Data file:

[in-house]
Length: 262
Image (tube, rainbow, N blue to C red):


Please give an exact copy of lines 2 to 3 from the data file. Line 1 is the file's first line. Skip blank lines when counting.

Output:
Length: 262
Image (tube, rainbow, N blue to C red):